Introduces seven of the nation’s most important documents, provides the historical context, and breaks down the significant details of each document. Includes the Declaration of Independence, the Constitution, the Bill of Rights, and others. For grades 4–7 and older readers. 2018.
American Heritage Book of Great American Speeches for Young People
edited by Suzanne McIntire
Over one hundred speeches, spanning almost four centuries of American history—from Powhatan’s warning to Captain John Smith in 1609 through Susan B. Anthony’s “Are Women Persons?” in 1873. Includes twentieth-century speeches by Franklin D. Roosevelt, John F. Kennedy, Ronald Reagan, and Martin Luther King Jr. For grades 6–9 and older readers. 2001.
American Speeches: Political Oratory from the Revolution to the Civil War
Collects the unabridged texts of forty-five important speeches by American public figures who spoke during times of change. Includes a women’s rights speech by Elizabeth Cady Stanton and Abraham Lincoln’s address at Gettysburg. 2006.
Historic Speeches of African Americans
edited by Warren J. Halliburton
Excerpts from noted speeches focus on slavery, emancipation, Reconstruction, renewed racial strategies, the civil rights revolution, and assessment after the revolution. Speakers include Sojourner Truth, Frederick Douglass, Booker T. Washington, James Baldwin, Martin Luther King Jr., Malcolm X, Shirley Chisholm, Angela Davis, and Jesse Jackson. For junior and senior high and older readers. 1993.
In Our Own Words: Extraordinary Speeches of the American Century
edited by Robert Torricelli and Andrew Carroll
Chronicles more than 150 speeches, sermons, radio broadcasts, eulogies, and public tributes from the twentieth century to illustrate the soul of America. Includes statements by Martin Luther King Jr., Helen Keller, Lou Gehrig, Franklin D. Roosevelt, Robert Kennedy, and others. 1999.
We Are the Change We Seek: The Speeches of Barack Obama
by Barack Obama
A curated collection of twenty-six of Obama’s addresses, including his 2002 speech as an Illinois state senator opposing the Iraq War and his final speech before the United Nations as president in 2016. The topics include—among other things—war, inequality, race relations, gun violence, and human rights. 2017.
Martin Luther King Jr.
A Call to Conscience: The Landmark Speeches of Dr. Martin Luther King, Jr.
by Martin Luther King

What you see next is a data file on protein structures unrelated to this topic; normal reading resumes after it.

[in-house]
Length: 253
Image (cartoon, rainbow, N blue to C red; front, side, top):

Collection of eleven speeches made by King includes “The Birth of a New Nation,” which helped galvanize the civil rights movement; the famous “I Have a Dream”; and his final oration, “I’ve Been to the Mountaintop.” The speeches are read by King and are introduced by well-known leaders, activists, and theologians. Commercial audiobook. 2001.
I Have a Dream
by Martin Luther King
Presents the complete text of King’s historic speech on August 28, 1963, in Washington, D.C. In it, he expresses hope for social justice and equality in the future. Includes a short biography of the civil rights leader and a foreword by his wife, Coretta Scott King. PRINT/BRAILLE. For grades 4-7. 1997.
Ask Not: The Inauguration of John F. Kennedy and the Speech That Changed America
by Thurston Clarke
Chronicles the creation of Kennedy’s inaugural address during the ten days in January 1961 just before he was sworn in as president. Discusses the political context and people and perspectives that influenced the speech. Contributes to the debate over which parts of the speech were written by Kennedy himself. 2004.
The Inaugural Address, 2009: Together with Abraham Lincoln’s First and Second Inaugural Addresses and the Gettysburg Address and Ralph Waldo Emerson’s “Self-Reliance”
by Barack Obama
Obama’s 2009 inaugural speech, three addresses by Lincoln, and Emerson’s classic 1841 philosophical thesis. Bestseller. 2009.
Inaugural Addresses of the Presidents of the United States
Inaugural speeches reveal American presidents’ visions and policies. Features George Washington’s address to the first US Congress, Abraham Lincoln’s two Civil War-era appeals to citizens, and Franklin D. Roosevelt’s fourth address during World War II. 2009.